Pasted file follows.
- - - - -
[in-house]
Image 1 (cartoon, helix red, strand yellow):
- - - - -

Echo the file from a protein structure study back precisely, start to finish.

[in-house]
Image 1 (cartoon, helix red, strand yellow):